On a stretch of Route 66 between Albuquerque and Tijeras, New Mexico, engineers at Sand Bar Construction, the New Mexico Department of Transportation, and the National Geographic Channel installed a series of rumble strips that play “America the Beautiful" as you traverse them at 45 miles per hour. Apparently, the jingle of corporate sponsor Nationwide was originally included in the road's repertoire but it has since been removed. Watch the video above about the installation, meant keep to drivers at a safe speed.
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Monosodium Glutamate. I grew up in an era of terrifying tales about how MSG was a horrible scientifically engineered food additive that was killing me. Now I know the truth: this magic sodium salt of glutamic acid simply makes food taste better, and it doesn't hurt me.
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Michael from Muckrock writes, "Watch what you say: That next taxi you hail could be driven by New York's Finest. A MuckRock FOIA request has found that the NYPD has at least three undercover cop cars posing as taxis ... and quite possibly many more." Read the rest
Rogue archivist Carl Malamud writes, "There's been a lot of talk about computer-assisted medicine, but in most
cases these are tools to help you talk to a doctor. For a year, I've been tracking
a remarkable new service that actually dispenses medical advice about toxicology and
poisoning using software algorithms. Read the rest
Teen hacker Gibson Vaughn embarrasses a US Senator, and is made an example of. Now, ten years later, the same folks who turned him into a pariah need his help solving one of the greatest abduction stories in US history. Part political thriller, part who done it, The Short Drop is a fantastic read.
This novel has it all. A teen hacker unfairly made an example of by the government and struggling to make his way, the establishment's front-running presidential candidate being overtaken by an upstart US Senator, and a 10 year old missing persons case to tie them together. This is one heck of a fun novel to read this primary season!
While some of the plot twists and turns may be a little more obvious to the reader than the characters in the novel, the pacing and story line are a lot of fun. I really enjoy the small details FitzSimmons colors his story with, and his representation of the Internet as a personality. I think he gets is right.
The Short Drop by Matthew FitzSimmons via Amazon Read the rest
Not to be mistaken for the legitimate American Academy of Pediatrics, which has 60,000 members! Read the rest
Bruce Sterling's 2010 short story Black Swan (a cyberpunk story) comes to life in a fine reading by Paul Cram (MP3) on the Starshipsofa podcast. Read the rest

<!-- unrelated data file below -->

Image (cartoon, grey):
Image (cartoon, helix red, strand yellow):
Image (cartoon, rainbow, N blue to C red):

In just a few short years, ransomware -- malware that encrypts all the files on the computer and then charges you for a key to restore them -- has gone from a clever literary device for technothrillers to a cottage industry to an epidemic to a public menace. Read the rest
See sample pages from this book at Wink.
It was right before Christmas and I was desperate for a present for a Magic: The Gathering player. When I asked knowledgable friends if there was such a thing as a Pokédex-style guide to all the MTG cards available, I was directed towards The Art of Magic: The Gathering: Zendikar.
This coffee-table book is limited to art from the Zendikar set, the most recent card collection published by Wizards of the Coast. There is no reference book showing all MTG cards from its 20-plus year history, and this book will not scratch that itch; there are too many cards out there, thousands and thousands, for that to be a reasonable project in 2016. But if you’re someone who would like a MTG-dex to exist, then you’re going to want this on your coffee table.
The text isn’t an analysis of the artwork, but instead is closer to a nature guide to Zendikar — the plane (or planet) of this set — and a retelling of the plot behind the collection. Parts are amusingly reminiscent of Lonely Planet travel guides: “In one spot on Murasa’s towering cliffs, the Tajuru elves created a passable route over the wall. The route, consisting of steep, winding switchbacks and a few rickety wooden lifts, ins now maintained by humans and guarded by ogres, all in the service of an ogre named Kazuul. Upon reaching the top, travelers must pay tribute to Kazuul, and if the Tyrant of the Cliffs is not satisfied, he hurls them right back down the way they came as punishment for their impudence.”
A six-page appendix is the only place where the book breaks character, as Mark Rosewater — the designer of the Zendikar and Battle for Zendikar card sets — describes the years-long process by which the writers, artists, and art directors create a new world. Read the rest